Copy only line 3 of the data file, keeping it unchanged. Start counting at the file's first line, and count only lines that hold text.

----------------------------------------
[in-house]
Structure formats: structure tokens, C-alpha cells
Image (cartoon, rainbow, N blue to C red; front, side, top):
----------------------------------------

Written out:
Image (cartoon, rainbow, N blue to C red; front, side, top):